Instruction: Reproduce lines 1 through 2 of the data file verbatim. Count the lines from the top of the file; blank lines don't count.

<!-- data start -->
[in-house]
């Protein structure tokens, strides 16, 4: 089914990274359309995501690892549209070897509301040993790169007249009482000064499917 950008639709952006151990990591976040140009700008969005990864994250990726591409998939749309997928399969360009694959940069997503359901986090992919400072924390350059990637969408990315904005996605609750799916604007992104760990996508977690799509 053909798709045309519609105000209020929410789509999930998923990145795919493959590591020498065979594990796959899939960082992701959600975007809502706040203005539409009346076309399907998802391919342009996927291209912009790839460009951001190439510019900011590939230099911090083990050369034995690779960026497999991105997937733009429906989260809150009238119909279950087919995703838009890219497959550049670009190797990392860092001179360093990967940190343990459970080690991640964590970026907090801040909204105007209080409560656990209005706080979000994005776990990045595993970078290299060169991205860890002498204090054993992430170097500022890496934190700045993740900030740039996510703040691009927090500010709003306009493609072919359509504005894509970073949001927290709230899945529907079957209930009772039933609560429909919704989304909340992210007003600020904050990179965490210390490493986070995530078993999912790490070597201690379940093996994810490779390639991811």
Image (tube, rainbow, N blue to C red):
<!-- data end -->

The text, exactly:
[in-house]
């Protein structure tokens, strides 16, 4: 089914990274359309995501690892549209070897509301040993790169007249009482000064499917 950008639709952006151990990591976040140009700008969005990864994250990726591409998939749309997928399969360009694959940069997503359901986090992919400072924390350059990637969408990315904005996605609750799916604007992104760990996508977690799509 053909798709045309519609105000209020929410789509999930998923990145795919493959590591020498065979594990796959899939960082992701959600975007809502706040203005539409009346076309399907998802391919342009996927291209912009790839460009951001190439510019900011590939230099911090083990050369034995690779960026497999991105997937733009429906989260809150009238119909279950087919995703838009890219497959550049670009190797990392860092001179360093990967940190343990459970080690991640964590970026907090801040909204105007209080409560656990209005706080979000994005776990990045595993970078290299060169991205860890002498204090054993992430170097500022890496934190700045993740900030740039996510703040691009927090500010709003306009493609072919359509504005894509970073949001927290709230899945529907079957209930009772039933609560429909919704989304909340992210007003600020904050990179965490210390490493986070995530078993999912790490070597201690379940093996994810490779390639991811």